On a recent call with a fellow founder:
Him: How do you motivate your employees?
Me: I don't. Am I supposed to?
I was joking to highlight a serious point. I am not a rah-rah, pound my fist on the table, give a rousing speech CEO. I won't be delivering Pacino's Any Given Sunday speech on a future retreat. That style may work for some but not for me. I've learned to be okay with that.
If a person is only motivated by a "light a fire under your ass" speech, I don't want them on the Tortuga team.
I do not motivate employees. I (try to) choose employees who are already motivated by what we do.
Most companies have no mission aside from making money. Most managers give orders without a why. Most jobs are bullshit.
Motivation is easy if...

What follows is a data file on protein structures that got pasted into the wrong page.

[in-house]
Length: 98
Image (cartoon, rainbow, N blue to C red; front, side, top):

- Your company has a mission worth caring about
- The job is worth doing and contributes to that worthwhile mission
- You, as a manager, make the mission and how the job contributes to it, clear
- You hire someone who cares about that mission and is good at that role
If the company is pointless or the work is mindless paper shuffling, you can see why a manager may give an empassioned speech to paper over these shortcomings. Maybe the speech even works, briefly. Then what? You have to do it again. If you're remote you'll have to give that rousing speech over a Slack call. Rather than giving a new speech every day without losing efficacy, perhaps the bullets above are actually worth doing.
Creating extrinsic motivation is hard. You have to keep dangling new and better carrots to motivate people.
Intrinsic motivation is more powerful but requires that your company is doing something worthwhile and that you can hire the people who care about that thing. Extrinsic motivations like raises do matter. However, you'll get much better results from the person who takes pride in her daily work than from the one who cares only about her next promotion.
Remember, motivation is optional.